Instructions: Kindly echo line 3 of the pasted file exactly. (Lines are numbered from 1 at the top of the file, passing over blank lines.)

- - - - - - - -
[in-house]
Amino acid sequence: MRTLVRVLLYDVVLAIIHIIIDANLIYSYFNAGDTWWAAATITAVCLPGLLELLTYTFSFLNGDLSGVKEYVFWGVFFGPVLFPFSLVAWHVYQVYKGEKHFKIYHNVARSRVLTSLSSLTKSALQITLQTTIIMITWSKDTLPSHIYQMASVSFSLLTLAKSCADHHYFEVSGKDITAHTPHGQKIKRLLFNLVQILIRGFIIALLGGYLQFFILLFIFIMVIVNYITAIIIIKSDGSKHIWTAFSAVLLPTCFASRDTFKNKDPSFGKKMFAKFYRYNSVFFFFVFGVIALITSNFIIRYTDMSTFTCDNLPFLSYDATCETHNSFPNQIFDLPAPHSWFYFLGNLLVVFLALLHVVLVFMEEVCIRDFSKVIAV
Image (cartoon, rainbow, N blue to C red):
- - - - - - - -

Image (cartoon, rainbow, N blue to C red):